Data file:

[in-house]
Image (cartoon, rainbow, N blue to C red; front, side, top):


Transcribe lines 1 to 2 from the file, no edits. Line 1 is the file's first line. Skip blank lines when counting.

[in-house]
Image (cartoon, rainbow, N blue to C red; front, side, top):